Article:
Reflections on the trucker convoy, freedom, and our true hope

Written by: David Hood
Pastor of Southeast City Church Ottawa ON

I want to start by saying that I get it. I get peoples’ frustration with the current state of things. We are all emotionally and mentally exhausted from two years of uncertainty, endless pivoting, confusing and mixed messaging, inconsistent and contradictory protocols, lies and over-promises, family divides and fractured friendships, loss of all kinds, dashed hopes, and a steady stream of doom and gloom news. We have all been through a collective trauma and, at a time when it feels like things should be looking up, they seem worse than ever. I get that people are upset and done, and the sentiment that ‘enough is enough’ resonates with me.

I also get that this movement has given a voice to people who have felt disempowered and scapegoated, namely the unvaccinated. Regardless of your views on vaccine mandates, I think we can all agree that people who are vaccine-hesitant should not all be made to feel inherently selfish and uncaring or labelled as racists and misogynists with “unacceptable views.” The hateful rhetoric I have witnessed is shameful. Hear me, I am pro-vaccination (I have articulated why elsewhere). I think some people are anti-vaccine for reasons that are misinformed, misguided, and dangerous. I can’t support that. However, we can’t generalize an entire group of people, and we certainly shouldn’t dehumanize anyone, ever.

I also get that there is a lot about this protest that feels right and beautiful. Most people who have reported positively from downtown make special mention of the hugging, singing, dancing, and camaraderie. They talk about togetherness and being able to see people’s faces. These things are deeply moving because we’ve missed them desperately. For many, I suspect going downtown is a cathartic release regardless of the aims or objectives of the protest.

All of this to say, I get it. I get why people are getting caught up in this moment and are defensive of it. And I get that there are real concerns about government overreach, a two-tiered society, and creeping totalitarianism. I’m not here to say that there aren’t legitimate concerns and frustrations or that every aspect of what is happening is bad, but I do have some pastoral and missional concerns. Many are not exclusive to the convoy, but the events of the last three weeks give me an occasion to share them.

1) I am concerned about what people mean by the word “freedom.” As a Christian, I can’t get behind the type of freedom that says, “I should be able to live my life however I want regardless of how it affects other people.” That’s not the way of Jesus. I have not been masking nor did I get vaccinated and boosted because I am personally afraid of COVID. I know my chances of getting severely ill are low. I do it because people around me are vulnerable, or are in close contact with vulnerable people, and that is enough. Not wearing a mask only benefits me, it doesn’t benefit them. Who should I care more about? If I were vulnerable, how would I want to be treated by others? Many of the negative stories coming out of downtown are from people who walked through the crowds with masks. They were mocked for complying; labelled as slaves. There is a nobody-can-tell-me-what-to-do and I’ll-do-whatever-I-want pride that has been exhibited throughout this pandemic, and by some in this protest, that really bothers me, and I think it should bother other Christians. Christianity does not support hyper-individualism and absolute autonomy. Regardless of what our legal “rights” might be, there is a higher calling.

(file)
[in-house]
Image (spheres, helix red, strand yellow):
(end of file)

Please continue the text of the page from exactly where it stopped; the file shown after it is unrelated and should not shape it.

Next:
Also, do we want a better society or just our “personal freedom”? You can advocate for restrictions and mandates to be lifted, but don’t stop there. The pandemic was a gift in that we clearly saw inequities that have been there for years. I am concerned, and sense with this moment, that most people are only interested in advocating for their “personal freedom”, and if they get that they’re good. Protest over.

Lastly, while political freedom is good (I would much rather live in Canada than North Korea!), it is not true freedom. True freedom is living the way we were meant to with the One we were created for, and that freedom is only found in Jesus Christ. That freedom requires no laws, no judges, and no governments to uphold it. It is upheld by God in heaven and it exists regardless of earthly circumstances. We can have all of the political freedoms on Earth and still be slaves. We can have absolutely zero political freedoms and still be the freest we’ve ever been.

2) I am concerned about how undiscerning Christians have been in their alignment with this movement. There is enough that feels off about what’s happening that I think Christians should be careful how they engage. I am not saying don’t engage. I am saying exercise caution. Christians who decide to protest or support the protest should be very clear about what goals they agree with and are advocating for (i.e. ending vaccine mandates), and who they’re associating with. They should be equally clear about what their goals are not (i.e. the overthrow of the government and sedition), and who they are not associating with (i.e. White supremacists, insurrectionists, Qanon, etc…).

We need to be wise. I’ve seen some Christians condemn the whole movement as a cover for white nationalism, which is false and unnecessarily inflammatory, divisive, and dismissive; I’ve seen others act like the Holy Spirit has fallen on downtown Ottawa and this whole thing is sacred, blessed by God. Neither is true. There is stuff we can support, but there is stuff we need to distance ourselves from and even condemn!